Not sure you may not have already given up your first line.
When notified of the separation proceedings you should have been told the type of discharge sought and the opportunity to talk with a lawyer. If they were seeking an OTH, then you should have been told about - and exercised -- your right to a discharge board. If it was a General or Honorable discharge, then your only right was to submit a written rebuttal.
Your next step is the Navy Discharge Review Board (with about a 12-15%...
You are going to have problems with your clearance regardless of any expungement, deferred judgment or anything similar..
Also, you are going to have problems with being retained in the Army regardless of any action to drop the charges.
Also, if your command does not know about this because you haven't told them you could also be in trouble for an orders violation once they find out.
You would have to petition the board for correction of records for removal. There are time limits (three years) that apply, but there can be arguments for waiving the time limit.
Also, on the clearance, if you were denied a clearance you should take the opportunity to appeal and have a hearing with a DOHA judge.
An article 15 is NOT a conviction. However, on the SF86 you are required to disclose it if within the relevant time frame.
You also may want to consider looking at CID records if...
He is barred from suing the military based on the Feres Doctrine.
He needs to be talking to a Patient Advocate at the hospital, filing an IG complaint, and communicating with his Congressional delegation.
The courts generally take a lot of factors into account when it comes to sentencing. Also, the prosecutor might be persuaded in terms of how she approaches the case. These are matters that I'm sure your attorney will explore.
The prosecutor will have access to your driving record and your records, and so it's possible the prosecutor will find this information.
Normally, the Army waits until the civilian court has finished before taking a decision on whether to retain you on active duty or...
I asked that very question in 1978, and I was married to an American.
Was told there was nothing. There was not the enlistment option then, described a little by Mr. Green.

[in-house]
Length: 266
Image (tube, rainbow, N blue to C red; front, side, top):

I think there is a little something to be said for some enlisted time making for a better officer.
Officership takes time, experience, and guidance to have.
Once charges are preferred you will get an appointment with TDS on post. They will discuss with you a Chapter 10 in lieu of trial by court-martial.
That written request is forwarded by your commander to the general officer/general court-martial convening authority for your post, who will approve/deny.
If approved then you will be separated with an OTH.
Whether or not it is approved will depend on several factors: length of absence, surrendered or arrested, quality of service before the...
Under current rules it is mandatory for him to be processed for separation based on drug abuse.
However, the separation authority can decide to give him one last chance and remain. That's going to be hard to do in today's environment. The Army is down-sizing, that means they are taking every opportunity to kick people out.
He should speak to the defense lawyers at TDS about this ASAP.
See Mr. Rafter's response.
I would add, that should the Army agree to allow you to transfer to the Reserves then your separation from active duty would be on good terms agreed to by the Army. Therefore you should receive an honorable discharge.
Less than honorable discharges are usually issued when the person is being separated for misconduct or unsatisfactory performance.
There are some provisions which allow for early release. You might want to talk to a medical officer recruiter for...
Many 120's are felonies. There is nothing technical about that. But it does depend on the state law.
To determine if a military conviction is a felony you must look to both federal and state law where the person is located. It is true that the military does not classify crimes and convictions as misdemeanor or felony (despite the erroneous talk in that funniest of funny movies, "A Few Good Men."
If the person is a registered sex offender, then the military follows the same or similar rules.